CLEVELAND — Three years after losing all 16 games, the Cleveland Browns are on the cusp of the playoffs.
An agonizing, and often embarrassing wait is almost over.
For the first time since 2002, when quarterback Baker Mayfield was 7, coach Kevin Stefanski was playing safety at Penn, and Cleveland was in the fourth year of an expansion reboot filled with front-office blowups, draft mistakes and failure, a postseason present awaits.
Bouncing back from a demoralizing loss to Baltimore earlier in the week, the Browns (10-4) displayed their depth and development on Sunday night in a solid 20-6 win over the New York Giants. Cleveland inched closer to quenching the a 17-season drought — the NFL’s current longest dry spell.
Holding the AFC’s No. 5 position, the Browns may be able to clinch this week when they return to the New York area and face the no-longer-winless Jets. There are too many scenarios and tiebreakers to digest, but it’s simple to see the Browns can’t afford to lose.
Don’t expect Stefanski to be watching the scores from around the league on Sunday.
“I will look at the scoreboard of the Browns vs. the Jets,” he said.
Mayfield continued to play like the franchise quarterback Cleveland hoped he’d be, carving up New York’s secondary (27 of 32 for 297 yards) while leading two 95-yard touchdown drives behind an offensive line down to its third-string right guard.
The comfortable win, on the road and in prime time, showed the Browns are getting better each week under Stefanski. He won’t allow his team to be satisfied with reaching 10 wins for the first time since 2007.
“Our best football is ahead of us, and we are playing it,” said wide receiver Jarvis Landry, who caught one of Mayfield’s two TD passes. “We are really playing it.”
Mayfield is playing better than ever as a pro. In his past four games, he’s thrown 10 TD passes, just one pick, and is averaging 308 yards. Beyond his gaudy stats, Mayfield is leading — on and off the field — while helping Stefanski orchestrate a turnaround ahead of schedule.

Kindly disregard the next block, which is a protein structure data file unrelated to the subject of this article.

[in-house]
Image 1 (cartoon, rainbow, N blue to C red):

Stefanski selects a captain before each game. On Sunday, it was Mayfield.
“Baker’s a fighter,” Stefanski said. “I thought that was what was going to be required in this game.”
Mayfield, too, showed maturity while amicably greeting former Browns coach Freddie Kitchens, now on the Giants’ staff, afterward. Last year, Mayfield gave an icy handshake to Hue Jackson, who coached him as a rookie.
Mayfield has grown. He’s taking the Browns with him to new heights.
Cleveland’s defense got a needed confidence builder against the offensively inept Giants, who were without starting quarterback Daniel Jones.
The Browns had given up 80 points in their past two games, but top cornerback Denzel Ward’s return from injury helped Cleveland stiffen in the red zone — including a stop on fourth down inside the 5 — and held New York to two field goals.
“It is about bend, don’t break,” said star end Myles Garrett. “They got some yardage, but we are trying to keep them off the board. It is nice to keep them out of the end zone, but at the end of the day, a W is a W, however we get it.”
WHAT NEEDS HELP
Garrett’s still not fully over COVID-19. He added a half-sack late in the game, but the edge rusher couldn’t exploit a matchup with rookie left tackle Andrew Thomas.
Garrett said he struggled to catch his breath during the game and had a postgame coughing fit in the locker room.
“Hopefully, if we make it to the playoffs, I can try to get myself to as close to 100 percent as possible,” he said.
With starting safety Andrew Sendejo out with a concussion, Karl Joseph stepped in and made several contributions.
Joseph came up to make tackles, including when the Browns stopped the Giants near the goal line. He also recovered an onside kick and ran Cleveland’s punt team, a role he never performed before.
“Made plays on the football that we needed him to make,” Stefanski said.
Linebacker Mack Wilson, who has started seven games this season, was a healthy scratch. He was replaced by rookie Jacob Phillips.
Stefanski was asked what Wilson needs to do to get back in the rotation.
“Nothing that anybody else has to do,” he said. “Practice hard, be ready to go.”
Offensive lineman Chris Hubbard will likely miss the remainder of the season after suffering a knee injury on Cleveland’s second play. Hubbard was filling in for starter Wyatt Teller, who is also expected to miss this week with a sprained ankle.
Rookie Nick Harris came in and played well after Hubbard went down.
Stefanksi said defensive tackle Sheldon Richardson is OK after leaving with a neck issue.
18 — Sacks allowed by the Browns’ line this season. In 2019, the unit gave up 41 sacks.
The suddenly dangerous Jets, who avoided 0-16 infamy by beating — and embarrassing — the Los Angeles Rams. New York’s win may have cost it the No. 1 overall pick in next year’s draft, but it got the attention of the Browns.
“There is nobody in the NFL who is going to lay down and let you take something from them,” Garrett said.